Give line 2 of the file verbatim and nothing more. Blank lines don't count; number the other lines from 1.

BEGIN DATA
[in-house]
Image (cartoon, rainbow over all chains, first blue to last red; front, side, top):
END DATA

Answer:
Image (cartoon, rainbow over all chains, first blue to last red; front, side, top):